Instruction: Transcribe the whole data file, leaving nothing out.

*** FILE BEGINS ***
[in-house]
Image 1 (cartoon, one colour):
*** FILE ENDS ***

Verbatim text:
[in-house]
Image 1 (cartoon, one colour):